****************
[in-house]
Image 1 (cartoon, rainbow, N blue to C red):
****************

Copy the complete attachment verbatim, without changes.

[in-house]
Image 1 (cartoon, rainbow, N blue to C red):